It’s hard to go unnoticed in New York City, with everyone checking out the latest fashions and hairstyles. As the weather warms, some women who are shedding those winter layers are finding themselves the object of more cat calls, whistles and roving eyes than they’d like.
Artist Tatayana Fazlalizadeh is not going to take it anymore.
Under the cover of darkness, wearing a black knit hit, black leather jacket and black Chuck Taylors, Fazlalizadeh is nearly invisible. She’s scouring Bedford-Stuyvesant, Brooklyn, for a blank canvas.
“This is one of those spaces that I’m not sure about if it’ll work,” Fazlalizadeh says. “I might put this up and tomorrow morning it’ll be taken down because it’s somebody’s property. I don’t know, but we’re going to try it anyway.”
The 27-year-old takes a long look down the street for police, then reaches into a plastic grocery bag and pulls out a blue water bottle. She squirts down a blank wall with wheat paste and slaps up one of her trademark posters. It features a stark pencil drawing of a young woman staring sternly with the words below in bold type: “Women are not seeking your validation.”
It’s in this neighborhood that she endures daily cat calls and unwanted comments from men. This is her way of talking back.
Smoothing the poster over once with her hand, she casually walks away, but it’s too late. She’s busted by the police.
“You know that’s illegal, right?” the officer says.
This is the second time she’s been stopped in recent weeks, but she has an out. Before the wheat paste dries, it peels right off the wall like a magnet. So the officer lets her go with a warning.
Back at her tiny apartment a few blocks away, Fazlalizadeh says the cat calls got so bad she couldn’t take it.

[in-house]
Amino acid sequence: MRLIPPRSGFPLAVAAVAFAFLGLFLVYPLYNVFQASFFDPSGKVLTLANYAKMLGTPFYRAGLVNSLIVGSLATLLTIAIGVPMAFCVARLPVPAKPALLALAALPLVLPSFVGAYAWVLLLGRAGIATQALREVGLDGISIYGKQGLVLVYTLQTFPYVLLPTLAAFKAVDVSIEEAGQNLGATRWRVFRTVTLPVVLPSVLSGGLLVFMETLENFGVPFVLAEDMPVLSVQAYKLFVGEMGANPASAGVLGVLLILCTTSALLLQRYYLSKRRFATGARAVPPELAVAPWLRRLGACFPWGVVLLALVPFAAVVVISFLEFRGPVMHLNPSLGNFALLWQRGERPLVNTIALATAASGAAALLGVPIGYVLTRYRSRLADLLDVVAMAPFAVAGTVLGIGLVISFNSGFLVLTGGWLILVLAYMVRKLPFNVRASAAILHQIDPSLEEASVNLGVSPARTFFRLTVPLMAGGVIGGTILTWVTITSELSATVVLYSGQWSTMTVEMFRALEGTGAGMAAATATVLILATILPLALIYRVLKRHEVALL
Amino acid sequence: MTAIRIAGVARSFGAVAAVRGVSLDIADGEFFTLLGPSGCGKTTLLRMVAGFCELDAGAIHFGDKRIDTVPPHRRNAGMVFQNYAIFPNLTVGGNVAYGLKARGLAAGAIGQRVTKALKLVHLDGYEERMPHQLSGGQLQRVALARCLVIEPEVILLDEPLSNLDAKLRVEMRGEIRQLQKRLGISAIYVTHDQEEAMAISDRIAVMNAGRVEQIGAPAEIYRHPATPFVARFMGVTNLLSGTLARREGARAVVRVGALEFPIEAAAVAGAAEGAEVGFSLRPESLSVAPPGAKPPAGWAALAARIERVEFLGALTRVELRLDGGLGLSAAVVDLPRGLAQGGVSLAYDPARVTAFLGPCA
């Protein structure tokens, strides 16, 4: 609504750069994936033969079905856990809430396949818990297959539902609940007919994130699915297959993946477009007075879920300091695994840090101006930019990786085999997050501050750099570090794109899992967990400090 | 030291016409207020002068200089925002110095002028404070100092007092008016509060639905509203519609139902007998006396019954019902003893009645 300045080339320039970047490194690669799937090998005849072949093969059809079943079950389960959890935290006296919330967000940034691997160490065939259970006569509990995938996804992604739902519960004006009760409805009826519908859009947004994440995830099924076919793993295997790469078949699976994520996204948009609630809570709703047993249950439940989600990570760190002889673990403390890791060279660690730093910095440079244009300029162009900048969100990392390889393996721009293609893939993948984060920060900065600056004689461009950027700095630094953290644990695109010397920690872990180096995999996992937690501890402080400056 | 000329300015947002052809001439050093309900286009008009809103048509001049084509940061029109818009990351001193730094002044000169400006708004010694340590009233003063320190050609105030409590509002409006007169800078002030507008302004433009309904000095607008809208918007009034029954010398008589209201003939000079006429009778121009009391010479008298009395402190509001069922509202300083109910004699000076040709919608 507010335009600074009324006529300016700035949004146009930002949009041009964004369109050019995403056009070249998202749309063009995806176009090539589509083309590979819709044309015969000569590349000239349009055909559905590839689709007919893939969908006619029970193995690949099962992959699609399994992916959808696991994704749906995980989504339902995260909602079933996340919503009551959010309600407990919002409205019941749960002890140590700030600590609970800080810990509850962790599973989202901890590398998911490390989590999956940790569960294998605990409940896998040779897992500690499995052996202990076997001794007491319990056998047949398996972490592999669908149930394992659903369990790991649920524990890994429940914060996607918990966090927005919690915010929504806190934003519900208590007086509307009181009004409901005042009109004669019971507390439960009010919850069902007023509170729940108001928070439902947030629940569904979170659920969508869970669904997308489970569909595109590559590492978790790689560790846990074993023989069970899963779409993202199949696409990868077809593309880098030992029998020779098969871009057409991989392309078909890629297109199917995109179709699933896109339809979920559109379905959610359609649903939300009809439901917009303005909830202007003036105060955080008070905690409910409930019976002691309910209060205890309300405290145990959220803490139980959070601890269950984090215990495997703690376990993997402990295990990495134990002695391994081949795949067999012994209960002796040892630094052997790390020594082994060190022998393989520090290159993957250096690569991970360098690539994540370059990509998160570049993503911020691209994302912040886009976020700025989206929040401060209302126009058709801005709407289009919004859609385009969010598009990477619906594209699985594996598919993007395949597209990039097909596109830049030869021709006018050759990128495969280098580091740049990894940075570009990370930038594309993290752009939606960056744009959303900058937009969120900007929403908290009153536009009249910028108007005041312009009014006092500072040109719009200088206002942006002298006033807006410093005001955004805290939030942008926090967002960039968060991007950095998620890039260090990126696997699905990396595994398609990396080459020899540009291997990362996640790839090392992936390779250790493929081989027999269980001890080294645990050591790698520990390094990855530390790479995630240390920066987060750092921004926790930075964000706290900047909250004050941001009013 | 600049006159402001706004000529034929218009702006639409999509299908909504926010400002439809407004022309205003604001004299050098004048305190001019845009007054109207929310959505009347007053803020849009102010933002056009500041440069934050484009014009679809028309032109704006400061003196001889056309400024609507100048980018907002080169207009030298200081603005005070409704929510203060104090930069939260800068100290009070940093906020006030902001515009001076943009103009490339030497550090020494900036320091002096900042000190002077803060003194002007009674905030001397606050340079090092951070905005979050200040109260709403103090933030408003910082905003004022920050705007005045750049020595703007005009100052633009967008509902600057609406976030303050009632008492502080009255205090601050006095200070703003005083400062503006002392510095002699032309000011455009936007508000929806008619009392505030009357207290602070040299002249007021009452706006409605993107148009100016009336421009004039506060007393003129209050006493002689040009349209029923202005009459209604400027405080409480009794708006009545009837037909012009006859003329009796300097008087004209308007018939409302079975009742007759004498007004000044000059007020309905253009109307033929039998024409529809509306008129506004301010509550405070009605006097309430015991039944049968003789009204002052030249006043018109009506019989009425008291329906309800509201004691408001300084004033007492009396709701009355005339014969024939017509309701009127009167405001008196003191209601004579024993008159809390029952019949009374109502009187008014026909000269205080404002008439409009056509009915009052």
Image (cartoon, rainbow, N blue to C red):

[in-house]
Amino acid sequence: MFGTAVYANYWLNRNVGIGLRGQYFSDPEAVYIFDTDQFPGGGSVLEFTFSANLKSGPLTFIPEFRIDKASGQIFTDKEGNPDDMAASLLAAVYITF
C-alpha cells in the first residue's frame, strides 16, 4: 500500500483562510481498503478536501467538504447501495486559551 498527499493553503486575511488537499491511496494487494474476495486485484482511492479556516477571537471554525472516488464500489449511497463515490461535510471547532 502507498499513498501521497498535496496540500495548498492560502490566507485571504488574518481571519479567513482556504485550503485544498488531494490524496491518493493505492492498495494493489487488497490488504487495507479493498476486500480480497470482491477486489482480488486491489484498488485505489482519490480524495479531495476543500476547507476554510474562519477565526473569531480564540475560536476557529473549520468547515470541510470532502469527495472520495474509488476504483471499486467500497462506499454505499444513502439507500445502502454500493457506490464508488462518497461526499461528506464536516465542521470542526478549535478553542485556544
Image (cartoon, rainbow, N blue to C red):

“It happens almost daily to me,” she says, “so I wanted to express myself and speak up for myself.”
Walking by another poster plastered on the side of an abandoned building on a busy residential street, Sapphire Monet stops in her tracks. This one reads: “Stop Telling Women to Smile.” Monet says street harassment is more than a hassle.
“Every day, a ‘Psst,’ or a ‘Yo’ or a ‘Hey’ or ‘Excuse me what’s your name?’ ” Monet says. “And they might get disrespectful and call you by a body part.”
She’s glad the posters are up, but says it’s all about how you carry yourself and how you respond. She just keeps her headphones on and ignores the guys on the block.
Anthony Williams runs a clothing shop on a busy strip in Bedford-Stuyvesant. He says he’s not being offensive when he calls out at women; it’s part of his DNA.
“I’m a man, I’m supposed to,” the 30-year-old says. “I mean, I think every man, if they see a woman they feel is attractive, should try to do what they can to acquire this woman.”
Michelle Brown says guys like Williams don’t bother her and that they can give it their best shot.
“Nothing beats a try but a failure,” she says. “I hold my head high, smile and keep walking. It doesn’t bother me. [They're] just looking for attention, and I don’t give it to them.”
Back on the streets, it’s near midnight, and Fazlalizadeh still has a bag full of posters and some wheat paste. She’s just found another blank wall on a busy street.
The poster reads “Women Don’t Owe You Their Time or Conversation.” This time, there are no cops in sight.